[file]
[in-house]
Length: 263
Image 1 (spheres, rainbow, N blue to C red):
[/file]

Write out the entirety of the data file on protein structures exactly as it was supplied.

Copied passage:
[in-house]
Length: 263
Image 1 (spheres, rainbow, N blue to C red):